Little Dominick was struck and the footman, Edward Hurley, grabbed the boy in his arms. “Mrs. Yerkes threw open the door of the tonneau, and, reaching her arms out to the lad, said to the foorman: ‘Give him to me and then drive to St. Vincent’s Hospital,’” reported The Times. On the way to the hospital Mary comforted the boy “with promises of baseballs and bats and all sorts of other things if he would only be brave and try not to cry.”
At the hospital it was determined that the boy had severe internal injuries. Mary asked the physician to “do everything in his power for the boy.”
Once again Edward Roshing found himself under arrest and, once again, Mary Yerkes was without a ride home. She asked Lt. Noble to send a policeman with her chauffeur so he might drive her home before being arrested. Despite her pleas, she was compelled to send to a nearby garage to hire a driver to take her home in her car.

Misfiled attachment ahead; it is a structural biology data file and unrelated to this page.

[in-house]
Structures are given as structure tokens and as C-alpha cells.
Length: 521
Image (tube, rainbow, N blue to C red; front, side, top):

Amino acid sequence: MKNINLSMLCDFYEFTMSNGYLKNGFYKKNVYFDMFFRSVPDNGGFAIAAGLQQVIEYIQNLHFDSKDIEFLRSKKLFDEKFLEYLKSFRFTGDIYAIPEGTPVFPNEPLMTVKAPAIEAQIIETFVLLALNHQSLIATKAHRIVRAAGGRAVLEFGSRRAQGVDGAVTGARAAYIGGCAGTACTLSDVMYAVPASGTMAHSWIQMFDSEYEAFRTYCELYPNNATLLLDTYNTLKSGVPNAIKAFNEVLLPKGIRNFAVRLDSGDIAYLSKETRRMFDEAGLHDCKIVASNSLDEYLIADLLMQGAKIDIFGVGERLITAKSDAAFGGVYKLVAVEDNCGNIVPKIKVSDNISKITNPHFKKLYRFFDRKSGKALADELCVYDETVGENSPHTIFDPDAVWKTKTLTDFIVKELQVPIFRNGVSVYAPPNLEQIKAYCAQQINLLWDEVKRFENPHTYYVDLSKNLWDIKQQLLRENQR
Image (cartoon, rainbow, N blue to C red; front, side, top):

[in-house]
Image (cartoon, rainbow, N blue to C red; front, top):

Mary’s greatest problems were to come. The will was contested. Later The New York Times explained “When a division of the estate was attempted, the widow maintained that the Fifth Avenue house and the art collection was her property under deeds of assignment made by her husband. This was not upheld by the probate courts of Cook County, Illinois, where Yerkes had his residence.” Mary was forced to give up the Fifth Avenue mansion and the art collection, all of which was sold at auction.
An advertisement in the New-York Tribune on February 20, 1910 listed part of the “very important collection of exceedingly valuable ancient and modern paintings.” Included were works of art by Rodin, Houdon, Falconet, Boucher and Van Loo. Antiques included Renaissance and Flemish tapestries, Persian rugs of the 15th and 16th centuries and paintings of the great masters. There were four Rembrandts, four works by Franz Hals, and paintings by Boucher, Breughel, Holbein, Raphael, Rubens Watteau and many others.